9. Meridity, that sounds incredibly stressful! I have a few thoughts I’d like to send you via private message but I can’t find you on this site. If you want, email me at info(a) and I’ll tell you my thoughts.

  10. Lisa Thank you very much. I’m sorry I didn’t contact you but I have an update and it’s good news!
    Over the holiday (miracle of miracles) my Dad got some time off and he sat me down and created an excel spreadsheet for me and then he taught me how to use it! I’m so friggin happy I could burst. I’ve spent many happy hours plugging in the various receipts and logging my revenue into the spreadsheet and low and behold another miracle! My numbers actually matched my bank account.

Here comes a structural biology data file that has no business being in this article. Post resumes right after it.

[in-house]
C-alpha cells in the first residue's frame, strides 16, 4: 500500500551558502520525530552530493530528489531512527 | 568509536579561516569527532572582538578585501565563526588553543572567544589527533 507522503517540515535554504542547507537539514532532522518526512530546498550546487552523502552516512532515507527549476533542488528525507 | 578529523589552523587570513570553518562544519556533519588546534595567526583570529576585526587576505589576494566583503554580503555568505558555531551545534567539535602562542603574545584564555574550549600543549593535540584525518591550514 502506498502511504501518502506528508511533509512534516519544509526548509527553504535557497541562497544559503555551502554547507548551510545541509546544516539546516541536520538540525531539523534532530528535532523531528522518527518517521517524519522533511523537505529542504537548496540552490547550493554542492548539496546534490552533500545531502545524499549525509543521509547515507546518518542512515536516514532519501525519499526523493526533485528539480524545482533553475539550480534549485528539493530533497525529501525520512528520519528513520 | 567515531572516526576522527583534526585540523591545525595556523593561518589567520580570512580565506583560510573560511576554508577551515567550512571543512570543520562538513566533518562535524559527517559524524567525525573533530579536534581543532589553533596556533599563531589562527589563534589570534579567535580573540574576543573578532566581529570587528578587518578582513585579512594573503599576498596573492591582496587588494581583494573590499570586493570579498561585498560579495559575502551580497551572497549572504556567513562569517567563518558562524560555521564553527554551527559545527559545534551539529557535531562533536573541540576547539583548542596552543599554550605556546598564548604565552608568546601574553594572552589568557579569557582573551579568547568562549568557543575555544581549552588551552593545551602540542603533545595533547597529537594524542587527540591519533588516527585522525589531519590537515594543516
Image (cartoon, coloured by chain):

Looks like my very public and very strange pity party via the POCA forums got the attention of the accountant gods and I managed to pull this thing together.
    Thanks for the support, I may contact you in the future if I run into an issue if that’s ok.
    and here is my email incase you ever need anything
    thanks again